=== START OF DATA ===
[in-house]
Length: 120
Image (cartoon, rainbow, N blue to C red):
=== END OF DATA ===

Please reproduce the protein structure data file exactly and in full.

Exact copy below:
[in-house]
Length: 120
Image (cartoon, rainbow, N blue to C red):